The National Council on Family Relations, (NCFR) founded in 1938, is the oldest multidisciplinary, nonpartisan professional organization focused solely on family research, practice and education. They claim to be the premier professional association for the multidisciplinary understanding of families. The members’ interests—as diverse as their careers and backgrounds—are focused on topics and efforts that yield a common benefit: …understanding and strengthening families. NCFR members are professionals dedicated to understanding and strengthening families. The 3,400-plus members come from more than 35 countries and all 50 U.S. states, and include: researchers, demographers, marriage and family therapists, parent/family educators, university faculty, students, social workers, public health workers, extension specialists and faculty, ECFE teachers, clergy, counselors, K-12 teachers, and more.

See also


  1. ^ International Federation for Home Economics (IFHE): Position Statement in: International Journal of Home Economics; Volume 1, Issue 1, available here
  2. ^ a b "FAQ". American Association of Family and Consumer Sciences. Retrieved 2015-01-11. 
  3. ^ "Why the Change to Human Ecology?". Cornell University. Retrieved 20 November 2012. 
  4. ^ a b "AAFCS Brand Story" (PDF). American Association of Family & Consumer Sciences. Retrieved 20 November 2012. 
  5. ^ Goldstein, Carolyn M., 2012. Page 36. Creating Consumers: Home Economists in Twentieth-Century America. Chapel Hill: The University of North Carolina Press.
  6. ^ Goldstein, Carolyn M., 2012. Dust jacket. Creating Consumers: Home Economists in Twentieth-Century America. Chapel Hill: The University of North Carolina Press.
  7. ^ a b c d Elias, Megan (January 2006). ""Model Mamas": The Domestic Partnership of Home Economics Pioneers Flora Rose and Martha Van Rensselaer". Journal of the History of Sexuality. 15(1): 65–88 – via JSTOR. 
  8. ^ Phillips, Robert, Editor-in-Chief, et al. 1971. Funk & Wagnall’s New Encyclopedia. New York: Funk & Wagnall’s, Inc.
  9. ^ Bix, Amy Sue (October 2002). "Gendered Technical Training and Consumerism in Home Economics, 1920-1980". Technology and Culture. 43 (4).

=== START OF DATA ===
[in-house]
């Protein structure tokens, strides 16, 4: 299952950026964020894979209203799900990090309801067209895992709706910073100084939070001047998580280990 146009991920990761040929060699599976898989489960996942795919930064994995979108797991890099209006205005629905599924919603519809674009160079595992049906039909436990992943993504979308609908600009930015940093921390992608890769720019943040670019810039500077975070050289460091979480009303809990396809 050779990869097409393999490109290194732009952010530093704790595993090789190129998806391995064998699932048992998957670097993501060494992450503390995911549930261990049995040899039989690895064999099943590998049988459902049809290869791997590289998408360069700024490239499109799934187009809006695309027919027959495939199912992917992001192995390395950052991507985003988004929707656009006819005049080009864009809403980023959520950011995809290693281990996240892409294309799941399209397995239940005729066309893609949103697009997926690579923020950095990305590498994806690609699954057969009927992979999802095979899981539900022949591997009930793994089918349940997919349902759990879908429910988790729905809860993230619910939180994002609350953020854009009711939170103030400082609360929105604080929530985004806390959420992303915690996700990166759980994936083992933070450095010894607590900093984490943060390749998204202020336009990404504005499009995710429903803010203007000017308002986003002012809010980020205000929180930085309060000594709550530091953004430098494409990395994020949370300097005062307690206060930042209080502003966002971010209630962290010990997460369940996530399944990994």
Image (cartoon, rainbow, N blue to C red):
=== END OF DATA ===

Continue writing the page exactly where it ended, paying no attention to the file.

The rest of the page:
10. ^ Goldstein, Carolyn M., 2012. Page 13. Creating Consumers: Home Economists in Twentieth-Century America. Chapel Hill: The University of North Carolina Press.
  11. ^ Goldstein, Carolyn M., 2012. Page 150. Creating Consumers: Home Economists in Twentieth-Century America. Chapel Hill: The University of North Carolina Press.
  12. ^ Goldstein, Carolyn M., 2012. Page 149. Creating Consumers: Home Economists in Twentieth-Century America. Chapel Hill: The University of North Carolina Press.
  13. ^ Goldstein, Carolyn M., 2012. Page 295. Creating Consumers: Home Economists in Twentieth-Century America. Chapel Hill: The University of North Carolina Press.
  14. ^ Goldstein, Carolyn M., 2012. Page 299. Creating Consumers: Home Economists in Twentieth-Century America. Chapel Hill: The University of North Carolina Press.
  15. ^ Goldstein, Carolyn M., 2012. Page 300. Creating Consumers: Home Economists in Twentieth-Century America. Chapel Hill: The University of North Carolina Press.
  16. ^ https://byuorg.lib.byu.edu/index.php/Brigham_Young_University._Dept._of_Home_Economics_(1930-1955)
  17. ^ "About IFHE". International Federation for Home Economics. Retrieved 2015-01-11. 
  18. ^ Ortrud Wörner-Heil: Adelige Frauen als Pionierinnen der Berufsbildung: die ländliche Hauswirtschaft und der Reifensteiner Verband kassel university press GmbH, 2010
  19. ^ Johannes Kramer: Das ländlich-hauswirtschaftliche Bildungswesen in Deutschland, University of Erlangen doctorate, Fulda 1913
  20. ^ 가정과학대학 70년사 (Gajeonggwahakdaehak 70-nyeonsa / 70 Years of the College of Family Science). Ewha Womans University Press. 1999. p. 7. ISBN 9788973003839. 
  21. ^ http://www.nios.ac.in/currisylhs-eng.pdf
  22. ^ http://cbse.nic.in/examin~1/scheme06ex.htm
  23. ^ http://www.cisce.org/data/.../27.%20Home%20Science.pdf[permanent dead link]

Further reading

External links

Societies and associations